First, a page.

12 May 2005

Bush at Calvin: redux

Dale Van Kley, Calvin alumnus and former history prof. there, is pissed off!

To the Editor:

That my former professor and colleague Nicholas Wolterstorff should have had to yield the podium on Commencement Day to President George W. Bush via the agency of Rep. Vernon Ehlers represents a particularly poignant moment in Calvin College’s progress from an institution of Reformed Christian higher learning into one of the high points in a Republican Party pilgrimage.

A man of many parts and for all seasons, Professor Wolterstorff exemplifies at its best the Reformed Augustinian project of learning in the light and service of faith. If Calvin enjoys more than a local or even national reputation in the world of higher learning, this is due in no small measure to Wolterstorff’s long and distinguished tenure in the college. The field of philosophy and ontology in particular will not have been unaffected by the way he minded it. Institutional self-respect should have ensured him the podium against any and all comers; everyone would have been the wiser for whatever he might have said.

By dint of a perseverance greater than that of the saints — an inertia even greater than that of ennui itself — as a professor at Calvin Vernon Ehlers almost single-handedly distracted the faculty into self-induced suffocation by committee in the form of governance known by the acronym of Fosco. While reducing to platitudes the injunction to do all for the greater honor and glory of God, as a congressman he has not resisted a social Darwinian “conservative” conversion to an ideology devoted to the proposition of making the rich fewer and richer and the poor more numerous as well as poorer still.

In need of no introduction, George W. Bush’s chief achievement before becoming president is to have given up drinking, although the whole world would perhaps be better off were he still on his back in a Texas saloon. In his self-styled role as the Lord’s Anointed, he has launched the country on a bloody crusade without a plausible semblance of a cause. While George H. W. Bush may have killed his thousands, George W. has killed his tens of thousands.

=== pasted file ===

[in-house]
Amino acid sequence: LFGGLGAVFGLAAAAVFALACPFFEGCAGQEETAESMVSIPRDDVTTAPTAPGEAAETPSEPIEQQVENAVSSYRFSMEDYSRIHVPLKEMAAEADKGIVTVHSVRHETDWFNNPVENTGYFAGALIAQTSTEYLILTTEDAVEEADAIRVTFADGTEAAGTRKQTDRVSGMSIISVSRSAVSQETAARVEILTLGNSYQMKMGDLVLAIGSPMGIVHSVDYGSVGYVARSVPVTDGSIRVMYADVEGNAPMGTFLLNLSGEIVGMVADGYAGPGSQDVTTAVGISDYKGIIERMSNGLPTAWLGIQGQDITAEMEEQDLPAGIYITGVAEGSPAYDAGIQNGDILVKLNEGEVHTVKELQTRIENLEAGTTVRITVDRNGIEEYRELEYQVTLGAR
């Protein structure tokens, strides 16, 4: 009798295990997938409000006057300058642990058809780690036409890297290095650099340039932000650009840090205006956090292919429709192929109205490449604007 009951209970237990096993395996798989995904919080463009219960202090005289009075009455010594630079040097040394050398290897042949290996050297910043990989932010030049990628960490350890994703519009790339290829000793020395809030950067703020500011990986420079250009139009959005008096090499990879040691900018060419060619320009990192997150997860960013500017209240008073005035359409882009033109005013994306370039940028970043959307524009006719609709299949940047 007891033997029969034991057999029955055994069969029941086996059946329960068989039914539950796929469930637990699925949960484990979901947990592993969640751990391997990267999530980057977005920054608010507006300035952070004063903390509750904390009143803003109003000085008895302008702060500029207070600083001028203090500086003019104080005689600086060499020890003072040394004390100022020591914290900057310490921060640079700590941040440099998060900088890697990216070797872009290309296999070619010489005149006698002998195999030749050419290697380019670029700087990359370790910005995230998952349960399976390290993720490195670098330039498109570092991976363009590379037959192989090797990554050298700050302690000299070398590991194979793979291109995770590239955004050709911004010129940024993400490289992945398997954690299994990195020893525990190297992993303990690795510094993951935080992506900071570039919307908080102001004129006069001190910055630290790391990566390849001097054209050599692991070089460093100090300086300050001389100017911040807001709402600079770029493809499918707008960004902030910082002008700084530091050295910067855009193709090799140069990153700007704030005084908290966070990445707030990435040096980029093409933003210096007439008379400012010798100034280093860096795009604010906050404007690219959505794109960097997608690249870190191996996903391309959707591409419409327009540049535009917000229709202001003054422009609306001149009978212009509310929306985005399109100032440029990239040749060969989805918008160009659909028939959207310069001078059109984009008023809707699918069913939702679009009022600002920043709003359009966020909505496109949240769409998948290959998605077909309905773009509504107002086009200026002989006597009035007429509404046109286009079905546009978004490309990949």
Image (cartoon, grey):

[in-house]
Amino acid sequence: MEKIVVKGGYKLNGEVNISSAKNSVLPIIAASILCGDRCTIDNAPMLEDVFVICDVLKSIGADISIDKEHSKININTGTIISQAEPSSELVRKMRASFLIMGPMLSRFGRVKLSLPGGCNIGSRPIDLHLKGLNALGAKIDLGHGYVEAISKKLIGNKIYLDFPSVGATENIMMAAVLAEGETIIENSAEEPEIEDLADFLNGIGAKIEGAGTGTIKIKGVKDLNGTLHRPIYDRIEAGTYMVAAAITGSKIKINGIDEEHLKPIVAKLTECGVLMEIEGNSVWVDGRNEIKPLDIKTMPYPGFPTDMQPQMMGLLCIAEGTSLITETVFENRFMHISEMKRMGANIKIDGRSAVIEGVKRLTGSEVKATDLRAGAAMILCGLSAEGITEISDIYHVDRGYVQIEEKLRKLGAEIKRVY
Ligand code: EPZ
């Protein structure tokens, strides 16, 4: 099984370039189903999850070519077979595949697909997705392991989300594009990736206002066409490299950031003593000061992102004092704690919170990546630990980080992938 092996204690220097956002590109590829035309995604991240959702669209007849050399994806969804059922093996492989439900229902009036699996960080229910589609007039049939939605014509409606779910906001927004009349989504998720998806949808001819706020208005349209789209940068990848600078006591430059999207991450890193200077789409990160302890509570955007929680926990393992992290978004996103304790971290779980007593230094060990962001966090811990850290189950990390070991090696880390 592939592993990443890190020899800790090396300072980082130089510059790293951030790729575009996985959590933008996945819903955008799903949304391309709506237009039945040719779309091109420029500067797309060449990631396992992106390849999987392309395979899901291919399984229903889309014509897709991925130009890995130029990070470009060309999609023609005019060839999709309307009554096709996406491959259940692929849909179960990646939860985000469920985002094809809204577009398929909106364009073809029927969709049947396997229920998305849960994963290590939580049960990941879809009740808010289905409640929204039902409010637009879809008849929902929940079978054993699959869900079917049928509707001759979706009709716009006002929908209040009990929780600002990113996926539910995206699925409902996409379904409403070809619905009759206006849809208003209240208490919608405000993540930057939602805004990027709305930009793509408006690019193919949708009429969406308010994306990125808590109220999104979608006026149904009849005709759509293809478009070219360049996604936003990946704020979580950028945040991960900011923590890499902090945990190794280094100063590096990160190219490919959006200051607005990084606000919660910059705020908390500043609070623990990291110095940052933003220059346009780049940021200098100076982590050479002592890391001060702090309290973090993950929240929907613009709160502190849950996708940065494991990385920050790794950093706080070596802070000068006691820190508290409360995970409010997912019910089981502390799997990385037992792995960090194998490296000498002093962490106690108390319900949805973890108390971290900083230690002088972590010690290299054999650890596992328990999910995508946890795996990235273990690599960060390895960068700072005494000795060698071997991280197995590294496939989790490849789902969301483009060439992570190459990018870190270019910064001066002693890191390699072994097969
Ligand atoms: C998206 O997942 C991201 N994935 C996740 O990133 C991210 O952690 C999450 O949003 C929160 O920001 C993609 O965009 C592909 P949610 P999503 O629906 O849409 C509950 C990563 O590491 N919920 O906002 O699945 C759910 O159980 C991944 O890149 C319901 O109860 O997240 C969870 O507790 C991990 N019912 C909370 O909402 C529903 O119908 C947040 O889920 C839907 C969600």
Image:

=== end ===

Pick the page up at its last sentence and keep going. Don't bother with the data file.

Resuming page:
What, finally, is one to make of college president Gaylen Byker’s contention that students are going leave the college “challenged” by this experience? Is it conceivable that students at Calvin might have had the opportunity to be similarly “challenged” by, say, Albert Gore or John Kerry, had either of them become the nation’s president? So much as to ask that question is to answer it, and the answer is “no.”

What, further, does the “challenge” amount to in the instance at issue? How are students as students to be “challenged” by someone who, having had privileged access to some of the nation’s finest educational institutions, learned absolutely nothing from them and moreover takes pride in that fact? And how, except negatively, are they going to be “motivated to renew God’s world” by someone who has set out with ideological malice and aforethought to squander its remaining resources?

The benefit that will accrue to George W. Bush and his junta from this event is clear enough. It will lend additional credibility to his blasphemous claim to be the leader of an American Christendom. The benefit for Calvin College is less clear, aside from making indelible its already prominent place on the educational map of the Religious Right. But what will it profit the institution if it competes on equal terms with Liberty University while it loses its own soul?

—Dale K. Van Kley, ’63

Allow me to answer a couple of your questions, Dale. The graduates will be “challenged” by wondering why all their family and friends won’t be able to see them graduate from college, since tickets are even harder to come by, thanks to the presence of the greatest man on earth. They’ll also be “challenged” by his tortured sentence construction. They’ll be “motivated to renew God’s world” when they realize how much damage the greatest man on earth has been able to do to it.

I’d like to end with a snarky “I can’t wait to be ‘challenged’ and ‘motivated’ by the Preznit!”—but I probably won’t be able to get in. Then again, neither will some of the graduates’ blood relatives. Maybe we can chat outside, or something. . . .